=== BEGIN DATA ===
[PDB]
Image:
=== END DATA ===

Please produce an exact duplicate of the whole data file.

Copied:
[PDB]
Image: